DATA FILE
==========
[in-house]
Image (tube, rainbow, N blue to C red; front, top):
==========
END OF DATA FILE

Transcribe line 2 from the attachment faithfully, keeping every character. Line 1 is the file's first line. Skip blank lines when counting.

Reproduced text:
Image (tube, rainbow, N blue to C red; front, top):